Samuel Sokolow, 72, Baltimore area teacher
Samuel Sokolow, who taught in elementary, junior high and high schools in Baltimore, then was a substitute teacher in Baltimore County for about 12 years, died Wednesday of cancer at his Pikesville home.
Mr. Sokolow, who was 72, began a 20-year tenure as a city elementary school teacher in 1939 and later taught at Gwynns Falls Junior High School.
He retired in 1977 as chairman of the social studies department at Southwestern High School.
Mr. Sokolow then began his career as a substitute, mostly at Pikesville High School, where he filled in for teachers in all fields.
In addition to teaching, he held several summer jobs, including work as a playground leader at an East Baltimore park. He also appeared during the 1950s on television as Safety Sam.
He remained in touch with students he had taught, and many of them wrote years later praising his influence on their lives.
For many years, the students at Pikesville cited Mr. Sokolofavorably in their yearbooks as an unforgettable substitute teacher.
He also taught from 1957 until 1982 at the Baltimore Hebrew Congregation Sunday school.
Born in Baltimore, he was a graduate of City College and what is now Towson State University. He held a master's degree from the University of Maryland.
He served in the Army Air Forces during World War II, becomina staff sergeant.
Services were held Thursday.
Survivors include his wife of 54 years, the former Miriam Kitt; two daughters, Gail E. Zlotowitz of Pikesville and Amy L. Goodman of Reisterstown; a son, Brian C. Sokolow of Baltimore; two brothers, David Sokolow of Winter Park, Fla., and Meyer Sokolow of Baltimore; a sister, Rae Rossen of Randallstown; and four grandchildren.
Thelma M. Shockley, 71, principal, teacher
Thelma M. Shockley, a former Baltimore County elementary school teacher and Prince George's County principal, died Oct. 21 of cancer at her home in Miami, Fla. She was 71.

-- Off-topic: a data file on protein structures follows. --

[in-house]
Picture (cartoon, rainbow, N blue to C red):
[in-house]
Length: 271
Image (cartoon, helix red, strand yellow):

The former Baynesville resident retired in 1984 from Prince George's County's James Ryder Randall Elementary School, where she had been principal since 1977. The county Board of Education recognized her as an outstanding educator in 1984.
During the 1950s and 1960s, she taught at Riderwood and Perry Hall elementary schools. She began teaching in 1944, and taught at schools in Allegany County, Baltimore, Georgia and New York.
She was born Thelma Manahan in Sabillasville, where she was raised. She earned a bachelor's degree from Frostburg State Teachers College in 1942 and a master's degree from Bowie State College in 1971. She did additional graduate work at the University of Maryland, the Johns Hopkins University, Columbia University, Loyola College and East Carolina State University.
Mrs. Shockley developed an interest in theater when she began acting during college. In recent years, she worked behind the scenes at Totem Pole Playhouse near a summer home she and her husband of 51 years, R. Joseph Shockley, maintained in Fayetteville, Pa. He retired as principal of Loch Raven Elementary School.
A memorial service is planned for 2 p.m. Saturday at Totem Pole Playhouse, at routes 30 and 233 in Fayetteville.
In addition to her husband, survivors include two sons, R. Jay Shockley of New York City, and James F. Shockley of Orange Park, Fla.; a daughter, Dorothy S. Avondstondt of Coral Gables, Fla.; a brother, Donald Manahan of Chambersburg, Pa.; a sister, Hazel Vinci of Middletown, Conn.; and three grandchildren.